What does it mean to be the image of God? It means the universe experiences God through humankind.
The deaths of Anthony Bourdain, Kate Spade, Robin Williams and others upset many of us, partially because their departures leave us wondering what went wrong in the lives of these people. They were well-loved by so many, yet felt there was no other way of dealing with their struggles. Why did they feel so hopeless? If they could not find ways to alleviate their pain, what hope do others have?
Since 1999, the suicide rate in the United States has risen by 25%. Suggesting an increasing number of people are losing hope.
In writing this post, I seek to offer some points of hope. Below, I offer an argument to stay. And it is written out of love for my friends who are considering giving up, too.
The argument starts with the beginning of humanity. Genesis 1:27 — the very beginning of the Bible — makes a big deal of humans being “created in [God’s] own image.” I don’t bring up this passage to make a scientific argument about the creation of the universe or humanity. Instead, this story makes a theological point, relating a special link between people and God. To be created in God’s image means we bear a likeness to God. We carry God into the world. Each of us. ALL of us.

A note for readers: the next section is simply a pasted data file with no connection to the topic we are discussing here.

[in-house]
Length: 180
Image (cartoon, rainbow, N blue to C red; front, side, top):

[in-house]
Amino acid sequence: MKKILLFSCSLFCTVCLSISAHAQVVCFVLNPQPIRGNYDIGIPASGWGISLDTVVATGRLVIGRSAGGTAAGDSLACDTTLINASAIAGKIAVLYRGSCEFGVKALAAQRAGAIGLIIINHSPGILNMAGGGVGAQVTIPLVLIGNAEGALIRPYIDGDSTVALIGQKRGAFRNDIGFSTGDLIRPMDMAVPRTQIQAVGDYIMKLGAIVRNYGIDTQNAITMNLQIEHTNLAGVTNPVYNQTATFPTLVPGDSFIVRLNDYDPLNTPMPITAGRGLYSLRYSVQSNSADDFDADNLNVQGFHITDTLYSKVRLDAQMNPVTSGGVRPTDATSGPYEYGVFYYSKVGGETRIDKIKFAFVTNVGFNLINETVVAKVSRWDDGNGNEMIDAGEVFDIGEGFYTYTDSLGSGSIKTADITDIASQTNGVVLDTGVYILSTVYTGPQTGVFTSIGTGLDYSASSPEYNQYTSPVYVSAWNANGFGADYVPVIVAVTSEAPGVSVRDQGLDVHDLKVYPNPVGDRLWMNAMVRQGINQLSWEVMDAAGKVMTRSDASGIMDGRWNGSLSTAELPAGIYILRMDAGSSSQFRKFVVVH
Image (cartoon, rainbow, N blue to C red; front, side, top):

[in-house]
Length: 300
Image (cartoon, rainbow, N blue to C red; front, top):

Being God-carriers is a tremendous responsibility. The idea carries an implication that the universe experiences God because of us. We make God seen and heard. On the flip side, the universe does not experience God without our involvement. If we are removed from the world, so is the image of God.
The world desperately needs the image of God, and so needs our representation.